No not the barbecue which has come to define Kansas City. Today, we are talking about the smoke coming out of the arms of relievers for the hometown Royals. The Kansas City Royals have had another rough and disappointing season. A season which has received horrific starting pitching, injuries, severe regression from the likes of Eric Hosmer, and farm system that lacks the same talent as a few years ago. However, there have been some bright spots including another solid offensive campaign for Billy Butler, the improvement of Mike Moustakas and Alcides Escobar, and of course 2012 Baseball America minor league player of the year in Wil Myers. However, as I alluded to earlier, one of the nicest surprises has been its bullpen. Equipped with some of the world's hardest throwers, the Royals have the second highest average fastball velocity in the entire league (93.9 mph compared to Seattle's 94.0). To start, Kelvin Herrera has the hardest average fastball in the majors, averaging 98.6 mph and dusts the average Aroldis Chapman by nearly a whole mph (Example: Watch what he does to potential MVP Miguel Cabrera
). Closer Greg Holland averages 96.1 mph and reliever Aaron Crow throws an average of 94.6. Even diminutive 5'7" southpaw Tim Collins averages an above average fastball of 93.2 mph. Even recent call up Jeremy Jeffress regularly touches the high 90's.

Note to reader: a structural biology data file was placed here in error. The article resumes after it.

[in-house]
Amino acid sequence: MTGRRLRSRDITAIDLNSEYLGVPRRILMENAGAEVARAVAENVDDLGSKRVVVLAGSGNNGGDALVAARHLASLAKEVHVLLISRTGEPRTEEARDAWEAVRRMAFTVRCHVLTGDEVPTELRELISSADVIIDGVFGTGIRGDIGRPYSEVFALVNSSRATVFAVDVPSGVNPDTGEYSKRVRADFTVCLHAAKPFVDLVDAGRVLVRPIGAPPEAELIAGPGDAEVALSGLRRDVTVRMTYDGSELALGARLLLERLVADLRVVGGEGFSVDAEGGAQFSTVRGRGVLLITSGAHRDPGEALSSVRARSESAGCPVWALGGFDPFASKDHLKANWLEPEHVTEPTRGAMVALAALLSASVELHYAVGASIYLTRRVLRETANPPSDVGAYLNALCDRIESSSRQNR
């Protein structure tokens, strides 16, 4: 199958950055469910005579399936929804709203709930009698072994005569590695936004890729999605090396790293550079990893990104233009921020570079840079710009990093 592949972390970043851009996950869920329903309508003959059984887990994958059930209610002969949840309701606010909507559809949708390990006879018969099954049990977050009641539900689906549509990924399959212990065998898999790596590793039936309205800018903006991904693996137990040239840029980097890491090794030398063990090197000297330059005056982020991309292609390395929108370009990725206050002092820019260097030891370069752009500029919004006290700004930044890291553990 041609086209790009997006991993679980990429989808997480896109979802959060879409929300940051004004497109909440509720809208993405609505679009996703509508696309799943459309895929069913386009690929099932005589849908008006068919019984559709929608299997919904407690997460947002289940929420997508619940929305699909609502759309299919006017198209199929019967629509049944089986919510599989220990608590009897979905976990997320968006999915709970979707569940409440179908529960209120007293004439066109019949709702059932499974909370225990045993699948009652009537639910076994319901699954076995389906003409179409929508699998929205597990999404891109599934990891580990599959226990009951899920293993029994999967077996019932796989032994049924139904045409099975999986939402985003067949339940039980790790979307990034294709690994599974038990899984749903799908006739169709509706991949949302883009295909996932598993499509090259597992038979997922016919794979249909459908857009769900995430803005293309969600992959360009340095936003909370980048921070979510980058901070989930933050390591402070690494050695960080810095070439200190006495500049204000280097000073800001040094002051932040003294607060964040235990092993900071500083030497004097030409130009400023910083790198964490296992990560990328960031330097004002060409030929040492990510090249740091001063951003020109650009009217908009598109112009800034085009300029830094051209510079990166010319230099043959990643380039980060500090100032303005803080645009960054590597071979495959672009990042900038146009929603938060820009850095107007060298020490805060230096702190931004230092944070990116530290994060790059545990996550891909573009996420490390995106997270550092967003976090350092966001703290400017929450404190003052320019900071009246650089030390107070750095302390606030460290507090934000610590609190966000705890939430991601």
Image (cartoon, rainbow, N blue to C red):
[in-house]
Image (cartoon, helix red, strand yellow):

So what does these numbers mean? Actually not much other than that this proves that the Royals have some pretty talented arms. These arms have combined for the fourth best ERA, fifth best FIP, third best left on base percentage, third lowest HR/9 rate. However, as is the case with most young pitchers that light up the radar guns, they have trouble finding the strike zone. Royals arms have combined for tenth worst BB% in the league and have a below average WHIP. So if they are this good with below average command, imagine how good they can be if this part of their game is refined. Maybe with the some coaching and further developmental growth, the Kansas City bullpen can go from among the best to the best in all of baseball